Sharing economy platforms have transformed the way people communicate, interact and share resources. Still, many people are uncertain about the potential risks and threats posed by engaging with the sharing economy.
When Uber and Airbnb first emerged on the world stage, they offered a new idea that would redefine private ownership. This business model enabled people to make money off of existing assets, like cars and homes, by sharing them with others.
Technology moves quickly. Last year’s science fiction is often this year’s standard operating procedure. Insurers who stay on top of these changes improve their relationships with customers, while those who ignore them fall further and further behind.
To get up to speed, join DigIn 2019. The conference takes place May 29–31, 2019, in Austin, Texas. DigIn focuses on the ways technology is transforming the insurance industry — and how those changes affect key providers.
As families struggle to cope with rising homeownership and rental costs, insurance companies are feeling the squeeze, too.
More young renters and homebuyers are opting to reduce or eliminate their renters or homeowners coverage. This makes it harder for insurance companies to keep up with rising claims costs in the face of catastrophic weather, aging housing stock and similar pressures.
To understand how to find and keep customers, insurance companies need to understand what is happening in the US housing market — and how it affects their bottom lines.
During the first three quarters of 2018, 463 insurance agency mergers and acquisitions were announced. But since not all of these transactions are made public, the actual number is likely higher, says , managing partner at OPTIS Partners.
The value of these transactions is rising, as well. The total value of merger and acquisitions in US insurance rose to $8.1 billion in the third quarter of 2018, up from $1.9 billion in the third quarter of 2017, says at Zacks.
P&C insurers face many challenges regarding customer retention and relationship-building. For one, the number of customers shopping for car insurance has decreased in recent years, according to at Forbes.
Among those who still pay for auto or home insurance, easy access to information means that many customers purchase coverage based on price alone. Perhaps this is why the likelihood of a business selling to a new customer is only 5 percent, versus 60 percent for current customers, explains at NewsMax.
As an industry, the insurance world remains a leader in advancing artificial intelligence.
Chatbots are a form of AI that allow insurance companies to remain available to customers at all times — even when human staff members are occupied with other tasks or are out of the office, says at DZone. As the technology improves, it may even be able to replace certain human members of the customer service team, creating a world in which customers have 24/7 access to insurance experts.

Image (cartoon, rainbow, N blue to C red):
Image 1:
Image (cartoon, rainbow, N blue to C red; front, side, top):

In an insurance industry battling rising costs and losses, the struggle to attract and maintain customers is real.
Fortunately, studies show that existing customers value good service and meaningful relationships even more than low rates. This means that in order to maintain the customer relationships they already have, insurers must focus on customer experience and engagement.
Here’s why customers leave after a closed deal, and what you can do to forge stronger, more profitable long-term relationships.
Property and casualty insurers are struggling with increasing claims and at the same time customers are dropping their coverage. Meanwhile, customer satisfaction with insurance purchases is at an all-time low, say PropertyCasualty360 writers .
According to Super and Cairns, one reason for rampant customer dissatisfaction is that customers no longer see the total value proposition the insurance company poses. They feel lost in the shuffle and as if they will never see a return on the money they pay for coverage.
Retaining insurance customers is no longer about simply offering the best possible price. Instead, P&C insurers must focus on selling their customers on the total value of the insurance relationship.
Loyalty is a critical element of company-customer relationships in a wide range of industries, including insurance.